According to West Midlands Ambulance Service, 34,140 hours of ambulance time were lost last month, compared to 5,732 hours lost in April 2021. It is normally one of the quietest months of the year for road medics.
Mark Docherty, a WMAS director, has said that hospital handover delays will cost the service £28 million in 2021/22, and that another 120 ambulances are needed to bring performance back up to where it should be.
He spoke at a meeting with the Ludlow and South Shropshire Needs Ambulances campaign group, run by Councillor Darren Childs, who was left waiting 45 minutes for an ambulance when his daughter stopped breathing.
Mr Docherty said: “The problem we have now is we have 150 ambulances sat outside hospitals, so we can’t distribute them. We’ve got to understand the issues.
“On the way here I had to speak to the parents of an 18-year-old who an ambulance took 17 minutes to get to and died from a cardiac arrest. I don’t want to do that.”
The campaign group set up the meeting with Mr Docherty to plead for better ambulance availability in the south Shropshire region.
Darren Childs, campaign founder, said: “We need ambulances spread out across the whole of Shropshire, including in rural Shropshire. An ambulance coming from Shrewsbury to Ludlow or Clun or Bishop’s Castle is way too far in a medical emergency. We went through response times together and we all of us agreed that the ambulance response times in rural communities now are just completely unacceptable.”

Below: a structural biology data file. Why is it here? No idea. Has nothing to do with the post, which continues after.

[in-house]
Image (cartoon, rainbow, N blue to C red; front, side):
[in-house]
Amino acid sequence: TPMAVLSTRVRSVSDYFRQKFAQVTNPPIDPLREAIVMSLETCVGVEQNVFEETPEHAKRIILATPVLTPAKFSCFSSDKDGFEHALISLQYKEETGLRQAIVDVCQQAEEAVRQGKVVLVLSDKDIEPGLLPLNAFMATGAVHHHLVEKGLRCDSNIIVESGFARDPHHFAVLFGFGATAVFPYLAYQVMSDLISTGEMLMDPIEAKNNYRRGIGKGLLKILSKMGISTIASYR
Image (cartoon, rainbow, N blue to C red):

However, WMAS says the current model of ambulance provision has been independently reviewed by the National Audit Office and the Lord Carter Report which both found it to be the most efficient way of working.
It also said that by closing four community ambulance stations in Shropshire, WMAS were able to put the equivalent of an extra ambulance on the road 12 hours a day, every day.
A West Midlands Ambulance Service spokesman said: “Long hospital handover delays mean some patients are waiting far longer for an ambulance to come to them than we would want.
“We are currently in contract negotiations with commissioners with regards to the provision of services for 2022-23.
“The whole of the NHS remains under severe pressure and we continue to work with local partners to find ways to reduce the handover delays so that our crews can respond more quickly.”
A Shrewsbury and Telford Hospitals Trust spokesman said: “We are acutely aware of the ongoing impacts the lengthy delays in ambulance handover times – caused by exceptionally high levels of demand for urgent care and the ongoing impacts of Covid-19 across the system – are having for some of our patients and would like to apologise to those affected.
“We are continuing to do everything we can to deal with the delays, including increasing capacity at our A&E department and in our wards at the Royal Shrewsbury Hospital, working with partners to ensure timely discharge of medically fit patients, and diverting patients, as clinically appropriate, to our Same Day Emergency Centres and Urgent Treatment Centres.”